The sixth chapter of Yetzirah begins by telling us that cosmos is made up of various components of threes. There are the three aspects of time, space, and soul (olam, shanah, nefesh); three primordial elements of fire, water, and air; and three major components to the Earth and Heavens: teli, galgal, and lev. One way to understand it is that the galgal is the “disk” of the Earth. The disk is suspended by a “string” connected to teli. Since Yetzirah is speaking here of constellations in the sky, many believe that the teli is the constellation Draco (the “Dragon”), which was seen in ancient times as being the pole around which the Heavens rotate. Millennia ago, a star in Draco (called Thuban) was aligned with the north pole and served as the official “North Star”, lending a further reason for why ancient peoples believed the Earth was suspended from Draco.

Jewish texts, too, seem to mirror this notion. Rabbi Aryeh Kaplan points out that the etymology of teli might very well be talah, to “hang”, as if the Earth is hanging by a string attached to it. This is supported by various ancient sources cited by Rabbi Kaplan, including a Midrash that says Earth is suspended from a fin of the Leviathan. The teli was long-associated with the Leviathan (described as a dragon by our Sages), as well as the nachash bariah or “Pole Serpent” mentioned in Tanakh, as in Isaiah 27:1. (See “The Dragon, the Snake, and the Messiah” for lots more on the Leviathan and the Pole Serpent.)

The Ecliptic Line (גלגל המזלות) from a 1720 edition of ‘Tzurat haAretz’ by Rabbi Avraham bar Chiya (c. 1070-1145).

Another way to understand the galgal is that it refers not to the disk of the Earth, but rather to the galgal mazalot, the circle of Zodiacal constellations that appear to go around the Earth. This is called the “Ecliptic Line” and is related to the astronomical notion of a “Procession of the Equinoxes”. That this is the true galgal is supported by the subsequent verse in Sefer Yetzirah (6:2) which connects the galgal to the domain of time, not space. Thus, the galgal may be referring to the rotating “wheel” of constellations that seemingly goes around the Draco constellation teli which is above and centre. It would appear that the constellations “spin” around a stationary Earth over the course of time. (For more on the wheel of constellations and Procession of the Equinoxes, see the video series on ‘Astronomy & Astrology in Judaism‘.)

In olden days, maps were often drawn with Jerusalem at the centre of the world, like this one from 1581.

The third component presented by Sefer Yetzirah is the lev, literally “heart”. This might be the Earth itself, the “heart” and centre of the cosmos. More specifically, it’s the point at the centre of the Earth where the “string” from teli connects (and may refer to the actual “string” itself). Historically, that centrepoint was thought to be Israel, and specifically Jerusalem—and maybe that’s why it often seems like the whole world revolves around Israel and what’s happening over there. Fittingly, Ezekiel describes Israel as tabur ha’aretz, literally the “navel of the world” (Ezekiel 38:12), as if there is a cosmic umbilical cord attached to it.

So, we have a tekhelet string called tohu going all around the circular Earth, the horizon that separates light and dark. And we have the Earth suspended from an invisible “white” string tied to its centre, the lev. (One may interpret these verses to mean either the Heavens rotating around Earth, or the Earth itself spinning, as it “hangs” suspended from the Heavens.) These strings of Creation are reminiscent of the strings of tzitzit, and it is all the more interesting that the value of lev (לב) is 32, the total number of tzitzit strings hanging from the four corners. And although we generally speak of the four corners of tzitzit, the Torah’s language is a kanaf, literally a “wing”, and more accurately referring to the four compass points. The circular Earth has no corners, of course, but it does have the four cardinal directions. In these ways, the four “wings” of the tzitzit and their white and blue strings remind us of the spiritual makeup of the Earth and cosmos, of the tohu and the teli, the galgal and the lev.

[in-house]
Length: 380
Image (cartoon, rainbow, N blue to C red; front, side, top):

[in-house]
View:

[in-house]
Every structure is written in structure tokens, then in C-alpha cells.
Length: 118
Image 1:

Since tzitzit reminds us of Creation and of the unity of God, it is most fitting that our Sages included it within the Shema when we proclaim God’s unity. Better yet, the Mishnah that tells us when to recite the Shema in the morning says to do so from the moment one can “differentiate between tekhelet and white”, between the blue and white strings of the tzitzit (Berakhot 1:2). This is at dawn, when the tohu “string” around the horizon glows with tekhelet hues, as we move through another rotation of the galgal, hanging from the “string” tied to the teli of the Heavens. In reciting Shema, therefore, we connect to the spiritual foundations of Creation, and see the unity in all things, across the four compass directions, which our Sages teach are alluded to by the enlarged letter dalet of the word echad.

For more on the identity and meaning of tekhelet, see here.

Reincarnation in Judaism, Part 3

In this concluding installment of the series, we explore the intriguing mechanisms of reincarnation and look at specific examples from Cain and Abel, Moses and Jethro, Balaam, Terach, Job, Deborah, Tamar, and others. Also, can a male soul reincarnate in a female body, or vice versa? And how many total souls are meant to exist across all time? Plus: What is a dybbuk and does Judaism have a notion of “exorcism”? Who did Cain and Abel marry? And did God make other humans besides Adam and Eve?

For Part 1 of this series, see here.
For Part 2, see here.